The right response is repentance and trust in God’s grace.

What about us?

First, we need to ask: “What is “the temple” for us”

Temple” in the New Testament:

  • Jesus’ body was the Temple of God, the living house of God’s presence in the world (John 2:19-22)
  • Paul: God’s people corporately and individually are God’s temple because God’s Holy Spirit lives in us. As the church, we are the body of Christ, the living embodiment of Jesus’ presence in our world (1 Corinthians 6:18-20, 2 Corinthians 6:14-16; Ephesians 2:19-22).
  • Peter: You are living stones God is crafting into a temple, a site of mercy and praise and healing and welcome to the world. In this temple, you serve with Jesus as royal priests offering your lives as sacrifices to God (1 Peter 2:4-10).

God is calling us to be this kind of temple. God is calling us to be this kind of people. Life is holy, and we are holy. The holy God lives in us. We are the living stones of his holy temple. We live and move in him. He lives and moves in us. Amazingly, God has chosen us to be his body, his house, in our world. Religion, spirituality, Christianity is about living out the presence of God in our world.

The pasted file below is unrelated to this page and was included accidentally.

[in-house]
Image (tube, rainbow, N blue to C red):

Easy for us to judge these Jewish leaders. (We preachers are especially good at that! “They hijacked God’s temple!”)

Easy for us to fall into the same trap. Our religion can go down the same road. We can hijack God’s temple, too. We can hijack God’s religion and make it serve our own interests pretty easily.

Basic Mistakes

Living the Truth

Religious practice is focused on us

Focus is outward – helping people experience God’s grace and healing

Believing and acting like we are the owners of our bodies, our lives, our church

God is the owner of the temple (our life, our bodies, our church).

Church becomes a roadblock for outsiders

Church becomes a gateway to God’s grace and healing for outsiders

Making religion focus on security and protection of our self-interests

Allowing religion to speak a voice of challenge and justice to us and to our leaders

“Triumphal Entry” every Sunday, but polite inattention the rest of the week

Full-life temple theology

Constant experience and expression of grace

Today we have “come to church.” But this room is not “the church.” This worship service is not “the church.”

We are “the church.” We are the living presence of God in the world. Our bodies together and alone are the body of Christ in the world.

If you want to be a Christian, go to church every day. Have a worship service every minute of the day. You are a living vessel of the Living God. Live out the functions of the temple in your daily life. Be a gateway for the world to experience God’s grace and healing. Live a constant experience and expression of God’s grace. That is what religion is all about. That is what the temple is all about. That is what Christianity is all about. That is what we are all about. Live and share God’s unlimited grace all day every day.